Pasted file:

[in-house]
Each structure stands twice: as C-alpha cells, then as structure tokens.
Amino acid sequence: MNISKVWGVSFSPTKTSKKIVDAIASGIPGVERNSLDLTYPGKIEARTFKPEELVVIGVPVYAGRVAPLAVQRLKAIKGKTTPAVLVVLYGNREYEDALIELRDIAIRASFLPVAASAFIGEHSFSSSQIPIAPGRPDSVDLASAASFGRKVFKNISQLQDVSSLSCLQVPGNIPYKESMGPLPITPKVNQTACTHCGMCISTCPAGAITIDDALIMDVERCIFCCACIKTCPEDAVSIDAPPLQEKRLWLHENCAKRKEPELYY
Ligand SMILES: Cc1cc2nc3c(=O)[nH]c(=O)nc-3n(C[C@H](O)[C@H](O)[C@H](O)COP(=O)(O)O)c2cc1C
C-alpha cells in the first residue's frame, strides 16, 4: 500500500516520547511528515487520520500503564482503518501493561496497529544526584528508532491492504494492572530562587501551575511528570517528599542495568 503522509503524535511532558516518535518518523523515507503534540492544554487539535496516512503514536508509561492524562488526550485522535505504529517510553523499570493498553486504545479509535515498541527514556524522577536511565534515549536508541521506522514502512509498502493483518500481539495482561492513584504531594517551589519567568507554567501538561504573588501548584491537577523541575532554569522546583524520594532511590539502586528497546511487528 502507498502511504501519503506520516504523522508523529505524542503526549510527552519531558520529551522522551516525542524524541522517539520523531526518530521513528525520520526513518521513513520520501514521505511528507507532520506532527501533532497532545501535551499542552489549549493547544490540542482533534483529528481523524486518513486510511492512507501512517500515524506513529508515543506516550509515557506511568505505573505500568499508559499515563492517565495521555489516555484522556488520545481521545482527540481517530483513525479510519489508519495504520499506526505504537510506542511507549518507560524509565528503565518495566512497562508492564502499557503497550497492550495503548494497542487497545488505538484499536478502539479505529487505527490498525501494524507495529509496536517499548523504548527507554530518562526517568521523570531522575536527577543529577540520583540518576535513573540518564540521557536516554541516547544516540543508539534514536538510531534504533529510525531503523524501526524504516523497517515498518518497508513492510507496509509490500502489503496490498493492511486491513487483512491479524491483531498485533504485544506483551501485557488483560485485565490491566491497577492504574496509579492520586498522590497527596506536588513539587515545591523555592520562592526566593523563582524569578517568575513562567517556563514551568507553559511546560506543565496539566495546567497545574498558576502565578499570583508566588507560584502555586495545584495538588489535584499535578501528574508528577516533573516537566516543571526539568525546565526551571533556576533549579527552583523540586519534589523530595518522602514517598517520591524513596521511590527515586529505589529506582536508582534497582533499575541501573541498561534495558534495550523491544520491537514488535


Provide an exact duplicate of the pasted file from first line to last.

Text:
[in-house]
Each structure stands twice: as C-alpha cells, then as structure tokens.
Amino acid sequence: MNISKVWGVSFSPTKTSKKIVDAIASGIPGVERNSLDLTYPGKIEARTFKPEELVVIGVPVYAGRVAPLAVQRLKAIKGKTTPAVLVVLYGNREYEDALIELRDIAIRASFLPVAASAFIGEHSFSSSQIPIAPGRPDSVDLASAASFGRKVFKNISQLQDVSSLSCLQVPGNIPYKESMGPLPITPKVNQTACTHCGMCISTCPAGAITIDDALIMDVERCIFCCACIKTCPEDAVSIDAPPLQEKRLWLHENCAKRKEPELYY
Ligand SMILES: Cc1cc2nc3c(=O)[nH]c(=O)nc-3n(C[C@H](O)[C@H](O)[C@H](O)COP(=O)(O)O)c2cc1C
C-alpha cells in the first residue's frame, strides 16, 4: 500500500516520547511528515487520520500503564482503518501493561496497529544526584528508532491492504494492572530562587501551575511528570517528599542495568 503522509503524535511532558516518535518518523523515507503534540492544554487539535496516512503514536508509561492524562488526550485522535505504529517510553523499570493498553486504545479509535515498541527514556524522577536511565534515549536508541521506522514502512509498502493483518500481539495482561492513584504531594517551589519567568507554567501538561504573588501548584491537577523541575532554569522546583524520594532511590539502586528497546511487528 502507498502511504501519503506520516504523522508523529505524542503526549510527552519531558520529551522522551516525542524524541522517539520523531526518530521513528525520520526513518521513513520520501514521505511528507507532520506532527501533532497532545501535551499542552489549549493547544490540542482533534483529528481523524486518513486510511492512507501512517500515524506513529508515543506516550509515557506511568505505573505500568499508559499515563492517565495521555489516555484522556488520545481521545482527540481517530483513525479510519489508519495504520499506526505504537510506542511507549518507560524509565528503565518495566512497562508492564502499557503497550497492550495503548494497542487497545488505538484499536478502539479505529487505527490498525501494524507495529509496536517499548523504548527507554530518562526517568521523570531522575536527577543529577540520583540518576535513573540518564540521557536516554541516547544516540543508539534514536538510531534504533529510525531503523524501526524504516523497517515498518518497508513492510507496509509490500502489503496490498493492511486491513487483512491479524491483531498485533504485544506483551501485557488483560485485565490491566491497577492504574496509579492520586498522590497527596506536588513539587515545591523555592520562592526566593523563582524569578517568575513562567517556563514551568507553559511546560506543565496539566495546567497545574498558576502565578499570583508566588507560584502555586495545584495538588489535584499535578501528574508528577516533573516537566516543571526539568525546565526551571533556576533549579527552583523540586519534589523530595518522602514517598517520591524513596521511590527515586529505589529506582536508582534497582533499575541501573541498561534495558534495550523491544520491537514488535